We need to have a talk about Dennis.

We need to have a talk about Dennis.

I was hesitant to post about this because I didn’t want it to seem like this blog was turning into one big paedophile defence, but, well… Australia, we need to have a chat. About Denis.

Denis Ferguson, possibly Australia’s most infamous paedophile, is also Australia’s least-wanted neighbour.

This man, who served 14 years in gaol for kidnapping and sexually assaulting three children in 1987, is the subject of a media circus that follows a depressing cycle: he moves in, the media search until they find him, the community is whipped (or whip themselves) into a frenzy of outrage, he moves into new accomodation…

The reality is that for better or for worse he has served his time, and no matter where he lives now there will always be children nearby.

While I understand the fear of the parents who live in his neighbourhood, their fear being understandable does not neccessarily make it, or their actions,  justifiable.

As such, the way the media encourage the escalation of the neighbourhood anger is disgraceful. Each time a “resident” (although who knows how close any of these people even live to the man) puts up a sign or does another stunt you can feel the glee as the assembled media pack encourage them in the way you would a performing child.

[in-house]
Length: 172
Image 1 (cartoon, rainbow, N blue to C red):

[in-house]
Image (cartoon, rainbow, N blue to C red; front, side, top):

The actions of some – certainly not all – residents, be it placing signs on his house, delivering coffins to his door or throwing alleged petrol bombs onto his lawn, go too far and should be treated with the same negative reaction by media and police that they would be treated with if they were directed at any other “free” member of society.

This escaltion is only going to end badly – already there have been reports this morning that a man was stabbed outside Mr Ferguson’s house last night – if no-one acts to try and put out this fire rather than just standing by and letting it burn or even actively adding fuel to it.

To see how out-of-hand this paedophile vigilantism can get, we need only to remember the case from 2000 in which a UK paediatrician had her home vandalised  and her windows smashed by angry locals who reportedly “confused the words ‘paediatrician’and ‘paedophile’.”

About the Author

Amy is a Sydney-based journalist and commentator with an interest in politics, music, culture and evidence-based medicine. She is currently working as a medical journalist for a series of "Specialist Update" websites, and she has also been published in The Sydney Morning Herald, Crikey, New Matilda, and Vibewire's anthology "Interface". She was a panelist with the Sydney Writers' Festival in 2007 and 2008, organised the Sydney Writers' Festival event "erotic fan fiction" in 2009, and is a regular broadcaster on FBi radio.